Initially, publishers were wary of FTC native enforcement. But in March 2016, the FTC settled the first native advertising case against retailer Lord & Taylor for not disclosing a native article in Nylon and sponsored posts by Instagram influencers for a Lord & Taylor dress which quickly sold out. For each FTC native violation, the penalty is up to $16,000. 

Publishers realized they needed to modify ad formats to reflect the new guidelines. In October 2016, MediaRadar found that 61% of the sites reviewed are now native compliant. This represents an increase of 119% from December of 2015. Although that still leaves a significant gap of sites that aren’t labeling sponsored content.

Using the words “sponsored” or “sponsor” remains the most popular way to label native advertising at a whopping 74%, compared to other common terms such as “promoted,” “presented by” or “partner content.” And placement for disclosure is now above fold and prominent with 68% of native ads labeled above the ad or article.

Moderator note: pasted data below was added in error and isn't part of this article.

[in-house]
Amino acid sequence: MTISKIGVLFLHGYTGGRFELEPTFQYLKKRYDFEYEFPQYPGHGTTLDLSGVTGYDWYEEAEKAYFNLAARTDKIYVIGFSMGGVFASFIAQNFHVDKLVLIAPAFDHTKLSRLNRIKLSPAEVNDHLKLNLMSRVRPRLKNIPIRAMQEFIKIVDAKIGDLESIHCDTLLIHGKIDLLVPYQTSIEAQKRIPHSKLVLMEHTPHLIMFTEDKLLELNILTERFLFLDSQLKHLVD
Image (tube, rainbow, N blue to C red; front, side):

Interestingly, 14% of the websites reviewed, label native in more than one way throughout the site. And more surprisingly, five percent of websites reviewed still do not identify native content at all.